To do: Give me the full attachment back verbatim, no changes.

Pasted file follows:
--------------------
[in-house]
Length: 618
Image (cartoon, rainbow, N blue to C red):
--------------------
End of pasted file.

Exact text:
[in-house]
Length: 618
Image (cartoon, rainbow, N blue to C red):